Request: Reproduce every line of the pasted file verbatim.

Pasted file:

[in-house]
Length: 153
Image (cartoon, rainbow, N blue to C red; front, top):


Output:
[in-house]
Length: 153
Image (cartoon, rainbow, N blue to C red; front, top):